Aaron and Audie Woods were in a hurry to get to Colorado. They were moving with several other families from Texas to start a new church and had already found a house they wanted to buy in Parker, outside Denver. But first they had to sell their house in Houston.
“One of my friends at our church mentioned Opendoor as an option, and I had never heard of it,” Aaron said.
Opendoor is one of a growing number of real estate investors known as iBuyers. The “i” stands for “instant,” because they make instant cash offers on houses, based partly on computer algorithms. If the seller accepts, sales can close in a matter of days. The buyer then turns around and sells the house to someone else, typically within 90 days.
Aaron, 37, decided to give it a try, but he thought Opendoor’s offer was too low. So he went to a competing firm called Offerpad, which offered $220,000. The Woods knew they could probably sell the house — the traditional way — for $235,000, but that would mean listing it and showing it several times a week and hoping for a better deal. They accepted Offerpad’s offer.
“We had to close on our house here in Denver within a month, so it was nice to have that piece of mind that it was sold,” said Audie, also 37.
IBuyers have been around for about five years, and their numbers are growing. Traditional brokers, like Keller Williams, are getting into the business, along with startups like Knock and Perch. But they’re still only operating in few dozen cities, like Atlanta, Las Vegas, Orlando and Phoenix, where the market is active and houses are fairly similar and easy to value. IBuyers bought and sold just 25,000 houses last year, said Mike DelPrete, a real estate tech strategist and scholar-in-residence at the University of Colorado Boulder.
“For all of 2018, it was 0.2% of national transactions,” he said.
DelPrete expects more sellers will go for instant offers, as iBuyers expand to more markets and word gets out. Initially he assumed demand would come from people like the Woods family, who were in a hurry to sell.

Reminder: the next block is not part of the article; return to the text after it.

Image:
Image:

“But from what I’ve seen, it really is quite a cross section of folks,” he said. “I’ve heard that pet owners are big customers, you know, because they don’t want to have to worry about cleaning the carpets or replacing the carpets,” DelPrete said. Also people with kids, because “it’s kind of a pain to get them out of the house every time you have to do a showing.”
Others just don’t want the hassle. Renee Williams, 57, also lives in Parker, where she serves on the town council. She recently sold her 19-year-old home to Zillow. The original roof needed to be replaced, as did the carpeting. The kitchen, with its white appliances and tile counters, was dated. People buying a $600,000 house expect stainless steel and granite, she said.
“Quite frankly, I didn’t want to do those upgrades in a home that I wasn’t going to live in,” she said, “especially when those aren’t upgrades that I would choose for myself.”
Zillow offered about $570,000 for the four-bedroom house, then took off $27,000 for repairs. Williams also had to pay a service fee, which she figured was about $10,000 more than she would have paid a broker to sell the traditional way.
“For me, that $10,000 was worth it,” she said. “I did not have to have anybody come traipsing through my house, I didn’t have to worry about offers falling through, I didn’t have to worry about negotiating with potential buyers.”
Now Zillow has to worry about all that. On a recent afternoon, a carpet cleaning van was parked in the driveway of Williams’ old house. A sign out front said, “Coming soon.” The house is listed for $570,900, about $21,000 more than Williams got for it.
IBuyers typically sell homes for 3% to 5% more than they pay for them, according to DelPrete. But flipping houses for a profit is only part of the business model. “Zillow’s only buying 2.5% of the houses that it gets an offer request for,” he said. “So that other 98% — those are people that are pretty interested in selling their house.” Those are lucrative leads that Zillow and other investors can sell to real estate agents.
Meanwhile, the Woods’ old house in Houston is under contract for about $12,000 more than they got from Offerpad.
“But it was on the market for a few months, and we couldn’t wait that long,” Aaron said. Plus, even with the discount, they’d owned the house long enough to make a pretty good profit.
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